The book draws on the archives of the Tulsa Historical Society – it includes over 200 images – as well as contributions from Tulsans who shared their photographs and, more importantly, their memories of attending or working in city cinemas. .
One of these stories concerns this pipe organ in the Orpheum. During the last days of the theater (it closed in 1970), former Tulsan Dennis Scott worked there as deputy director. Scott was also an organist and took every opportunity to play the theater organ.
“One day he was coming back from a lunch break and saw these two men pull out the organ console from the theater,” Clem said. “He asked them what they were doing, and they said they knew the theater was closing and that they had bought the organ.”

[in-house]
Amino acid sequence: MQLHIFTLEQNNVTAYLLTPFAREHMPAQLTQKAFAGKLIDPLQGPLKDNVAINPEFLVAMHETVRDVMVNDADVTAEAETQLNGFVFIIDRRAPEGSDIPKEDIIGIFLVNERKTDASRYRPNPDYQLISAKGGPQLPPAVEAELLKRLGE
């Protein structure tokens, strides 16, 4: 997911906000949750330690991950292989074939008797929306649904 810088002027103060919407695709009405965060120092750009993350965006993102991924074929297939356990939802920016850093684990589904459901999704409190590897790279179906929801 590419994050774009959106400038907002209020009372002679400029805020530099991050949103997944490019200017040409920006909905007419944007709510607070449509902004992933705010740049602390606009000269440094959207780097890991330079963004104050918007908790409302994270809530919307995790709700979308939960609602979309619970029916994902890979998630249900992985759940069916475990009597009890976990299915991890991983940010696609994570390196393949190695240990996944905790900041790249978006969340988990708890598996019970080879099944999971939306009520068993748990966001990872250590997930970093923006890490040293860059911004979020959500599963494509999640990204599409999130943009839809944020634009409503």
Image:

Thirty years later, Scott, who lived in Chicago, came across a magazine ad that someone in Texas wanted to sell an organ console that had “once been in a movie theater in Tulsa.”
“It turns out,” said Clem, “the man who placed the ad was the son of the man who bought it, who was helping his father load it into their truck that day in 1970. When Dennis contacted him and told him the story, he said if Dennis came to Texas he would just give him the console, so the Orpheum organ console is now in Chicago.
While this part of Tulsa’s movie history managed to be saved, Clem and Brown agreed that it was unfortunate that so many of the book theaters had been eradicated from the cityscape.